Sunday, May 03, 2015

Agent 6 by Tom Rob Smith

(hb; 2012: third novel in the Agent Leo Demidov trilogy)

From the  inside flap:

"Leo Demidov is no longer a member of Moscow's secret police. But when his wife, Raisa, and daughters Zoya and Elena are invited on a 'Peace Tour' to New York City, he is immediately suspicious.

"Forbidden to travel with his family and trapped on the other side of the world, Leo watches helplessly as event in New York unfold and those closest to his heart are pulled into a web of political conspiracy and betrayal - one that will end in tragedy.

"In the horrible aftermath, Leo demands only one thing: to investigate the killer who destroyed his family. His request is summarily denied. Crippled by grief and haunted by the need to find out exactly what happened on that night in New York, Leo takes matters into his own hands. It is a quest that will span decades, and take Leo around the world -- from Moscow, to the mountains of Soviet-controlled Afghanistan, to the backstreets of New York -- in pursuit of the man who knows the truth: Agent 6."


Agent 6 is, with its multi-decade span and character development, a flirting-with-Sergio-Leone-esque-epic* read. It is imbued with the style and tone of its source novel Child 44 (more drama work than actioner), showing how tragedy, as well as others' hatred and manipulative patriotism, lead Leo down a path that results in him winding up in the hell trap that is Afghanistan (circa 1980), where the Russian government is mired in an ill-advised conflict with a country that has consistently defeated other would-be invaders: Alexander the Great (in 330 BC), the Mongols (in 1219), the British (1839, 1878 and 1919).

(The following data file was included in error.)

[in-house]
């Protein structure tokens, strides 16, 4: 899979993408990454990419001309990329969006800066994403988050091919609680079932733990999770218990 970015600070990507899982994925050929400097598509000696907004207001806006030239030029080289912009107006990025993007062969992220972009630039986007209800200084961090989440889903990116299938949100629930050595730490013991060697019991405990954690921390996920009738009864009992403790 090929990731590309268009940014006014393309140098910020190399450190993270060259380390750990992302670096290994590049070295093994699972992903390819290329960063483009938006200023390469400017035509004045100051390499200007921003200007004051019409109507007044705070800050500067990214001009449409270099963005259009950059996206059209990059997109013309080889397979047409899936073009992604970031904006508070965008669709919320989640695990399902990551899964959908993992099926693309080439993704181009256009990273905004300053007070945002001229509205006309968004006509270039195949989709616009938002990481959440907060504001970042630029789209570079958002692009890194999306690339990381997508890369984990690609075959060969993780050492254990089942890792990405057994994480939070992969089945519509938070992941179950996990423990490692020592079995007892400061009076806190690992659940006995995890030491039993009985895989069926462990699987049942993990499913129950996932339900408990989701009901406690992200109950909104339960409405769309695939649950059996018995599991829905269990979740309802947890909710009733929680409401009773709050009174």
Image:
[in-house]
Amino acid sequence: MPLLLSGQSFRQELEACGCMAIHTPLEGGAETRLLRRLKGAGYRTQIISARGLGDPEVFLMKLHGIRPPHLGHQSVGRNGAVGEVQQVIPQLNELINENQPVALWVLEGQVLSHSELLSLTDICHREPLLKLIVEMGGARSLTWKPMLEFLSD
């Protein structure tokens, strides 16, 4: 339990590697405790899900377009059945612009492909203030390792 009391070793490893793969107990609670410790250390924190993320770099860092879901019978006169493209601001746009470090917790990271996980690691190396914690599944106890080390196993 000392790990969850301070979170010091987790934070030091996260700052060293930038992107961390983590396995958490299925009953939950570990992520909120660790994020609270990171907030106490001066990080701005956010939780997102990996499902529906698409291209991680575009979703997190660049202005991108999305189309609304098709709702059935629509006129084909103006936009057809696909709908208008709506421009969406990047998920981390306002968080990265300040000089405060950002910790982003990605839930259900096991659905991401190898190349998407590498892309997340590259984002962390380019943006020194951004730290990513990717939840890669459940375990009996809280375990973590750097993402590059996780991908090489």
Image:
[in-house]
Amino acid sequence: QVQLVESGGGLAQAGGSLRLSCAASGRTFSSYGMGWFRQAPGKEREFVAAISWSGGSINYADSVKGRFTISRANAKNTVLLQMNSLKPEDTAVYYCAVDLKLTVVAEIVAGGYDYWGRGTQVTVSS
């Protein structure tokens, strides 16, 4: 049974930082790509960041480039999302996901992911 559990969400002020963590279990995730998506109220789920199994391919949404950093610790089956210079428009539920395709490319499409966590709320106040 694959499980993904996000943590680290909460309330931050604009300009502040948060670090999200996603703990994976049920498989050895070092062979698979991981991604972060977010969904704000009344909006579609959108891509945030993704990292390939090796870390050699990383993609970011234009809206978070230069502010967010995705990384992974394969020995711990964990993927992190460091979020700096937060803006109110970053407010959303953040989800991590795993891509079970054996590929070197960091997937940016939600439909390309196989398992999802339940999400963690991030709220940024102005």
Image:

Leo knows if he tries to escape his militaristic-prison post that his surviving family members will be arrested, tortured and possibly killed. However, the mysterious circumstances of a close-to-the-heart murder haunt his every waking moment -- a mystery that he must solve, or die trying.

Agent 6 is a hard-to-put down, timely and entertaining (in a Russian-harsh way) story, one that lives up to the excellence of its predecessor novels, while expanding on the historical and time-scale structures of those novels. Its ending, like the lives and outlooks of many of its Russian and American characters, is dark, but sports a tender, all-is-not-lost effect. This is worth owning, like Child 44 and The Secret Speech.

(*particularly Leone's 1984 film Once Upon a Time in America)

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